The House bill is unlikely to succeed. The Democrat-controlled Senate has rejected 30 other House attempts at full or partial repeal.
Law moves forward
Mr. Obama said that while he is willing to tweak the law to improve it, the court affirmed the goal of his law - to make sure that Americans have the means to pay for their health care.
"I know there will be a lot of discussion today about the politics of all this, about who won and who lost," Mr. Obama said. "That's how these things tend to be viewed here in Washington.
"But that discussion completely misses the point," he said. "Whatever the politics, today's decision was a victory for people all over this country."
The law requires states to set up health care exchanges and offers federal subsidies so the poor and middle class can purchase insurance, and it expands Medicaid so more low-income families are eligible for government-run health care.
It expanded prescription-drug coverage for some beneficiaries under Medicare, the federal health care program for the nation's seniors, and offered incentives for small businesses to provide insurance for their employees.
The law also requires insurers to cover pre-existing conditions and to allow parents to keep their children on their policies up to age 26 - and in exchange it requires most Americans to obtain coverage or pay a penalty. Health insurers said they needed the influx of young, mostly healthy people in order to cover the costs associated with expanded coverage.
Some states, particularly those under full Republican control, had been counting on the law to be overturned and had taken few strides toward setting up their exchanges.
All eyes have been on the court ever since the justices announced they would hear major constitutional challenges against the Affordable Care Act, after months of courtroom battles over the 2010 law.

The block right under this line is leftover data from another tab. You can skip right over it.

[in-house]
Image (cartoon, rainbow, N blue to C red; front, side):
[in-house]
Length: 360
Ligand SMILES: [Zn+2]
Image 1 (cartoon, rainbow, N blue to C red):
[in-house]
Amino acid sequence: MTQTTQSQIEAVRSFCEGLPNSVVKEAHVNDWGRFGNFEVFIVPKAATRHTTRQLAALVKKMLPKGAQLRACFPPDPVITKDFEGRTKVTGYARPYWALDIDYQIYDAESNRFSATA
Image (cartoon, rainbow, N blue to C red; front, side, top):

The individual mandate to buy insurance or pay the penalty was at the heart of the struggle, marking the first time the federal government tried to require all Americans to buy a particular good or service.
While opponents said it violated individual freedom, the administration said that because everyone consumes health care at some point, government can control when they begin to pay for it.
The justices held a marathon three-day series of oral arguments in March and then retreated behind closed doors to deliberate and write their opinions.
The conflict gave the Supreme Court a chance to try to spell out the federal government's relationship with states and individuals more clearly than ever before, indicating where the federal government's powers to tax, to regulate interstate commerce and to enact laws "necessary and proper" to exercise other powers began and ended.
The Roberts opinion strikes a new balance, putting limits on Congress' compulsory powers under the Commerce Clause but saying lawmakers retain wide authority under the taxing power.
Voters have been sharply polarized over the law since the beginning, and the court's ruling is likely to dominate the presidential campaign as Mr. Obama tries to fend off Mr. Romney, who signed a pioneering health law as governor of Massachusetts.
Justice Ruth Bader Ginsburg's concurring opinion cited that Massachusetts law as proving that an individual mandate would work in bringing down the number of uninsured people.